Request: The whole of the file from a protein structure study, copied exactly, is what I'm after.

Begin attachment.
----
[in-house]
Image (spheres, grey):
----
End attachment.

[in-house]
Image (spheres, grey):